Vaccination is a preventive measure that aims at accelerating the building of specific defenses in order to help protect an individual against infection. Vaccine development, however, is very different from clinical drug development. Here is a brief outline of the ‘Vaccine Ecosystem’ which exists in the biotech industry, which following evolution from the last few years now poses the question: Are European Biotechs still the key players in the Vaccine field?
Depending on the vaccine it can take from 6 to 22 months to produce a single batch, a manufacturing process which takes more time than to produce some medicines. There is a long way from the exploratory stage to a vaccination program, which is becoming more and more challenging to break into. Here’s a short introduction on the global vaccine ecosystem:
1. The Vaccine Ecosystem
There are two types of vaccines producers in the ecosystem:
- The R&D – based manufacturers: generally located in industrialized countries, they produce the vaccines they have researched and developed, self-investing in innovation (either for new vaccines or improvement of existing vaccines like combinations).
- The non-R producers: generally located in LMICs (Low Middle Income countries), they produce heritage vaccines researched and developed previously by the R&D based producers, focusing on low prices and high volumes.
And there are also 2 main types of purchaser:
- Purchasers using direct procurement: Primarily high and middle income countries who autonomously define and implement their vaccination policy through self-financing and direct procurement of vaccines.
- Purchasers using pooled procurement: Procurement agent pooling the demand from several countries which results in higher demand visibility and lower transaction costs.
…and they belong to 2 different sub-ecosystems:
- The self-funding and financing system (by the company itself etc.)
- The subsidized funding and financing one: in this sub-ecosystem, pooled procurement is conducted for global vaccination programs, like the Global Polio Eradication Initiative (GPEI) or the ones driven by the the GAVI Alliance for designated lower income countries (endorsed by Bill and Melinda Gates).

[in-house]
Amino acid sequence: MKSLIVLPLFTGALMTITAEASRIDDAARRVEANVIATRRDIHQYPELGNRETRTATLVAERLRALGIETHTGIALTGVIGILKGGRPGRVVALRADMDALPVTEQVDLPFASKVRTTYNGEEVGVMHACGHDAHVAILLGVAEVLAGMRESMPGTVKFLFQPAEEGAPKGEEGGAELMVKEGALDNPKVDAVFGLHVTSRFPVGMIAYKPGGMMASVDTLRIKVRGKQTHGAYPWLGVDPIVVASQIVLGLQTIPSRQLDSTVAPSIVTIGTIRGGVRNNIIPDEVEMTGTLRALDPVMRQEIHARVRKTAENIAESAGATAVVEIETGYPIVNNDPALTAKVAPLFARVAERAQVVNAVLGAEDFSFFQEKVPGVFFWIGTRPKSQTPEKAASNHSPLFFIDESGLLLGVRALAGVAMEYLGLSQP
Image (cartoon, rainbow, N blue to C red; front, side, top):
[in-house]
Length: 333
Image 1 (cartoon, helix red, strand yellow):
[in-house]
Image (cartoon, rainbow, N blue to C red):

2. EU Biotechs: Are they still the big players?
Compared to the pharmaceutical market, the vaccine market is relatively small and concentrated on both supply and demand side. Only five large multi-national corporations constitute 80% of the global market, three of which are European giants: Glaxo SmithKline (UK), Sanofi Pasteur (France) and Novartis (Switzerland).
The concept of a vaccine was famously discovered in Europe. The term vaccine was first coined by Edward Jenner, from Gloucestershire (West England), in from the Latin ‘vacca’, which means cow. This discovery came after his experiment to use a cowpox inoculation to prevent Smallpox (the viral Variola major and Variola minor). You can read up on the history of Jenner and smallpox a bit better here.
Other points suggest Europe remains the key player in the present day Vaccine industry. Figures below are quoted from Vaccines Europe – a biennial survey which maps and connects the vaccine industry within Europe.
First of all, Europe is the key centre for production. In 2010, 79% of the vaccines produced in Europe, with 58% of R&D costs associated with vaccine development invested in European biotechs.
Secondly, continuous investment in vaccine research, development, and production represents a major public health strength and economic asset for the European Countries.
Finally, European countries are also a high skilled science based employer.
Figures such as these seem to abate our concern that Europe is slipping behind in the Vaccine Industry. Instead, the industry seems to be remain heavily biased by European biotechs, and will probably continue to do so.
Here is talk from within-industry specialist Andrea Rappagliosi (President of Vaccines Europe) speaking on ‘The State of Health of Vaccination in the EU’ at the 2014 Centro Congressi Fontana di Trevi in Rome (Italy).